Urban sprawl works differently in China

October 27, 2015

Much of our flight to China we fond the ground, or ocean, obscured by clouds. About an hour out of Beijing, we caught glimpses of China’s countryside.

It’s different there.

If you’ve flown much over the U.S., you’re familiar with agricultural regions having identifiable features such as the large circles created by irrigation systems, or the grid-pattern fields laid out across much of the American Midwest. Those fields are punctuated, especially at night, by farmhouses, smaller crossroads featuring a few more buildings, small towns, and increasing urbanization along the highways going into bigger cities.

In China, north of Beijing, human habitations are much more dense than small U.S. farm towns, and the fields themselves appear almost wholly absent of human habitation.

Semi-rural area north of Beijing, from 30,000 feet or so. Note new, high-rise apartment buildings in the small town. Photo by Ed Darrell

Semi-rural area north of Beijing, from 30,000 feet or so. Note new, high-rise apartment buildings in the small town. Photo by Ed Darrell

Here’s a photo I took from our airplane window, looking to the west, over China at least 100 miles north of Beijing. ChinaCom’s system doesn’t identify locations to my iPhone as Verizon’s system does in the U.S.; I have not yet identified the river, though I think it may be the north-flowing Songhua-Amur Rivers complex.

Agricultural fields are neatly laid out. Notice there is no room left for wild lands, where wildlife might find a home.

Agricultural fields are neatly laid out. Notice there is no room left for wild lands, where wildlife might find a home.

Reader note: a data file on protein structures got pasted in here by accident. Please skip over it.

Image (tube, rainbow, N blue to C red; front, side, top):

I was struck by the lack of uncultivated, unplowed or undeveloped land. Fields abut each other tightly, without even hedgerows between them. We noticed a marked lack of wildlife on other parts of our trip; without even space for weeds to grow between the fields, wildlife habitat is reduced essentially to nil. Does that harm or benefit agricultural production, and other production?

Not a perfect comparison, but here is a nearly-randomly-selected USGS aerial photo of farmland in the U.S., near Jerseyville, Illinois (from much lower airplane elevation):

USGS photo of land near Jerseyville, Illinois, near the Illinois River. Hills are unplowed now (they may have been farmed in the past), and waterways have banks of brush and trees for some distance, partly to control erosion. Notice wild tree and shrub growth between some fields.

USGS photo of land near Jerseyville, Illinois, near the Illinois River. Hills are unplowed now (they may have been farmed in the past), and waterways have banks of brush and trees for some distance, partly to control erosion. Notice wild tree and shrub growth between some fields.

This photos are not an exact comparison, but you can get the idea that worries me.

China’s tightly-controlled development policies over the past five decades, coupled with a thousand years or so of continued, developed and intentional habitation on these lands, leaves little room for something that is not planned.

Little room for nature. Someone would argue China’s land use is required in order to feed a massive population. Is that so?

On the trip I ran into a fellow working for a company trying to figure out ways to bioremediate polluted rivers in China, since the government came to realize polluted water harms human health and agricultural and riparian production downstream. One way would be to establish buffer lands along the banks of rivers. Can China change policies to allow that to happen, in time?